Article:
If you’re still not sure, you can call the clinic. Crisis pregnancy centers are typically “evasive about whether they actually provide abortion services or the cost of services and encourage you to come in for a sonogram and pregnancy test,” Dr. Rubin says. You can also ask if they have a licensed medical provider on staff. People working at CPCs may lie to you, but looking into all these aspects can give you a better sense of whether or not the clinic in question provides the unbiased, quality abortion care your friend deserves.

5. Try to find answers to any of their questions about the process.

Unjust laws, abortion stigma, and deeply-rooted health and economic inequities make it impossible for some people around the country to make their own decisions about continuing or ending a pregnancy,” Dr. Dean says. “Accurate information can help them make the decision that’s best for their circumstances and enable them to take care of their health.” This is why Dr. Rubin recommends asking if your friend needs help researching anything about the process.

Or maybe they’re worried about the procedure itself—how long it’ll take, how much it’ll hurt, whether they’ll have to take time off work. In that case, you can search for information on what to expect throughout the process, like this guide to in-clinic abortion from Planned Parenthood.

Researching information about pregnancy and abortion can be overwhelming, and you won’t always find evidence-based, accurate, or pro-choice resources. Dr. Rubin suggests helping your friend distinguish between factual and incorrect information. For instance, if a family member warns that abortion will cause depression, tell your friend about the science showing that having an abortion doesn’t hurt mental health. Or maybe they’ve heard that the abortion pill is unsafe—doctors and data say that it’s clearly not.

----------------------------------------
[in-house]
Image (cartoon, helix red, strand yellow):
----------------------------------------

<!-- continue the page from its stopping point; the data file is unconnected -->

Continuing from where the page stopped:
6. Specifically, you should look up pre-abortion counseling requirements for the state they will be seeking an abortion in.

Speaking of misinformation, many states require that people seeking abortions receive counseling before the procedure is performed, and some of that counseling may involve unsubstantiated, misleading, or irrelevant information, according to the Guttmacher Institute. For example, some states “require medically inaccurate information that a medication abortion can be stopped after the patient takes the first dose of pills” and others “stress negative emotional responses” as a possible psychological side effect of having an abortion.

Researching local abortion laws and policies can help your friend know what to expect pre-procedure if they decide to get an abortion—and again, looking for unbiased, science-backed abortion information can help them separate fact from misinformation. These frequently asked abortion questions answered by Planned Parenthood are a good place to start if you need a primer on the basics.

7. If they need to wait before getting an abortion, suggest ways to help pass the time.

The majority of states that require counseling also require a waiting period—typically 24 hours—between the counseling and the procedure, according to the Guttmacher Institute. Or maybe your friend can theoretically get an abortion immediately but can’t take time off work just yet.

Whatever the reason for the delay, help your friend wait it out if they’re finding it difficult, whether that’s with a movie marathon, crafting project, or some other diversion (like watching one of our favorite stress-reducing Netflix shows). “Sometimes when you’re waiting for the procedure, distraction is one of the best medicines,” Dr. Coons says.

8. If you’re comfortable with it, offer to accompany them.

Again, it’s important to consider what state or local laws may potentially apply to you or your friend when deciding how to best offer your support. They might want you by their side as much as possible, or maybe they prefer total privacy. The best thing to do is to offer to be there, which gives them the option to decline.